A trade down can, and should, result in a king's ransom similar to the kind of deal the Lightning have reportedly demanded from Toronto. Personally, I think that asking for Schenn and Kaberle plus the 7th overall pick is a little too steep, but kudos to the Lightning for starting high in the negotation. If the Lightning could negotiate down to something along the lines of Luke Schenn and the 7th overall pick along with some other sweetener for the 2nd overall pick and a toss-in like Lukas Krajicek, it would be worth considering. That would give the Lightning a future shut-down defender in the mold of Adam Foote and the opportunity to choose between another shut-down defender like Jared Cowen, a Mike Richards-lite center like Luke's younger brother Brayden, the draft's best speedster in Magnus Paajarvi-Svensson, or some other talented players like Minnesota's diminuitive playmaker Jordan Schroeder or Drummondville's top-notch offensive defenseman Dimitri Kulikov.
Now that's a rumor I could live with.
I hope some lessons were learned this season in the OK Hockey hierarchy. After spending the entire summer pointing the finger at the previous coach, GM, and scouts and slinging money around the free agent market like three drunken sailors on shore leave, I hope Oren Koules, Len Barrie, and Brian Lawton learned it takes more than flash to build an elite organization. Defense and coaching, for instance, are two very important components to any hockey team that OK Hockey neglected to adequately address heading into the season. When the club traded Filip Kuba to Ottawa for Andrej Meszaros, thereby making Paul Ranger the grizzled veteran of their d-corps, even Stevie Wonder could see trouble on the horizon for the Lightning. Lawton and Companyâ€™s reticence to address the obvious deficiency was puzzling, and turned out to be one of the ultimate downfalls of the season. And, of course, there was the unmitigated disaster of naming Barry Melrose the teamâ€™s Head Coach. Melrose could barely coach his way out a wet paper sack 13 years ago before he became a talking head on ESPN. What on earth possessed Oren Koules to believe his buddy had become Scotty Bowman in over a decade of inactivity, Iâ€™ll never know.
In case you were wondering, the Lightning have a 60.8% chance of receiving one of the top two picks in the NHL Draft Lottery to be conducted on Tuesday. The 2009 NHL Entry Draft is considered to have two top prospects: C John Tavares of London of the OHL and D Victor Hedman of MODO of the Swedish Elitserien. Hedman, in particular, may be a good fit for a Lightning team desperate for a legitimate number one defenseman.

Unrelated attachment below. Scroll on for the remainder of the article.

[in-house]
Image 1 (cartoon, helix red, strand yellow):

The Lightning have an 18.8% chance of winning the lottery and moving up to the top pick, at which point they might select the offensively gifted Tavares and create an offensive trio in Vincent Lecavalier, Steven Stamkos, and Tavares the likes of which would make even the Pittsburgh Penguins with Sid Crosby and Evgeni Malkin envious. Or, the team could make a deal with the Islanders to move down to the #2 spot to take Hedman, who may be a more natural fit. Interestingly, the Islanders hold the San Jose Sharks' pick, which will be 29th or 30th in the first round, that the Lightning previously held before the Andrej Meszaros trade, and might be part of a fair package for the Lightning to move back a spot.
The lottery will be held at 8 pm on Tuesday and carried on Versus.
Tonight is a pretty special night for the staff here at Bolt Prospects. Tonight marked the 41st decision of the NHL career of Karri Ramo. It was also the 41st game of the season for Matt Smaby. Both are milestones for graduation from prospect status here at Bolt Prospects. Both young men are now considered NHLers in our eyes.
It's somewhat fitting that these two players should graduate on the same night. There have only been four players who have ever held the title of top rated prospect on this site. Smaby was the first when we debuted the rankings at the start of the 2005-2006 season. He held the title shortly for half a season before giving way to his teammate Ramo, who was standing on his head as a rookie for Springfield in the AHL. Ramo held the top spot before giving way to top draft pick Steven Stamkos, who graduated from prospect status earlier this season. Steve Downie earned the top spot in our Midterm Rankings shortly after Stamkos' graduation.